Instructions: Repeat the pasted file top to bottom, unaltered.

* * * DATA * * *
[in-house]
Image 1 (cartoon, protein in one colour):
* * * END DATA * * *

[in-house]
Image 1 (cartoon, protein in one colour):